When the NHRP changes the interface state, other Cisco services can react to the state change, for example:. If the interface state changes to down, the Cisco IOS backup interface feature can be initiated to allow the system to use another interface to provide an alternative path to the failed primary path. If the interface state changes to down, the system generates an update that is sent to all dynamic routing protocols.
If the interface state changes to down, the system clears any static routes that use the mGRE interface as the next hop. The diagram below illustrates how the system behaves when the Interface State Control feature is initialized. The system reevaluates the protocol state and changes the state to line up and protocol down if none of the configured NHSs is responding.
On successful completion of the tunnel negotiation process, the system sends an IPsec Session Up message. In addition, you can configure the system to send the traps to particular trap receivers.Every time I show this to people I see eyes light up and little light bulbs turn on in their brains of where they can use this. Since they are on the same mGRE tunnel how would we do that?
Now what happens? Really just that simple. Neat eh? This will show you the basics of the NHRP registration request. Tossing this in here closer to the sniffer trace so you can match up IP addresses better. So first — frame It has been updated as well as reformatted.
Introduction to DMVPN
Thank you! Added to the list. Going to be doing a bunch of IWAN stuff next.
Will get back around to this after that. Your session rocked!! I had a similar question as gadam1. How do we setup spoke2spoke qos where spokeA has 2Mbps bw and spokeB has 4Mbps bw? Would we be able to push a policy where the qos shaping is set to the lower bandwidth? I have heard that Cisco is looking into what addl things to add here. I know this thread is 3.
This setup shapes and prioritizes outbound traffic from the hub. Outbound traffic from the spoke is shaped and prioritized with a service-policy tied directly to the tunnel source interface of the spoke router. I have thought actually about going for some CCNP stuff later this year. Hi Fish, thanks for this.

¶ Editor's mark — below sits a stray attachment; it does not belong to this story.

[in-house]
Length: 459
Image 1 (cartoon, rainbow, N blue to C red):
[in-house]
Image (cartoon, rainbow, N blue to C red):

Confirm with you again, for the policy map for the 5Mbps, I presume we need the starred line of configuration as similar to the others. How can we handle spoke site which have for example 2Mpbs download and only 1Mbps upload?
Now what? Like this: Like Loading Leave a Reply Cancel reply. Sorry, your blog cannot share posts by email.DMVPN consists of two mainly deployment designs:. In both cases, the Hub router is assigned a static public IP Address while the branch routers spokes can be assigned static or dynamic public IP addresses.
The Hub router undertakes the role of the server while the spoke routers act as the clients. It is important to note that mGRE interfaces do not have a tunnel destination. Because mGRE tunnels do not have a tunnel destination defined, they cannot be used alone. DMVPN provides a number of benefits which have helped make them very popular and highly recommended.
These include:. As stated, DMVPN greatly reduces the necessary configuration in a large scale VPN network by eliminating the necessity for crypto maps and other configuration requirements.
The following requirements have been calculated for a traditional VPN network of a company with a central hub and 30 remote offices.
All spokes connect directly to the hub using a tunnel interface. The hub router is configured with three separate tunnel interfaces, one for each spoke:. In addition, the hub router has three GRE tunnels configured, one for each spoke, making the overall configuration more complicated. In case no routing protocol is used in our VPN network, the addition of one more spoke would mean configuration changes to all routers so that the new spoke is reachable by everyone.
Lastly, traffic between spokes in a point-to-point GRE VPN network must pass through the hub, wasting valuable bandwidth and introducing unnecessary bottlenecks. With mGRE, all spokes are configured with only one tunnel interface, no matter how many spokes they can connect to. All tunnel interfaces are part of the same network.
In our diagram below, this is network Furthermore, spoke-to-spoke traffic no longer needs to pass through the hub router but is sent directly from one spoke to another.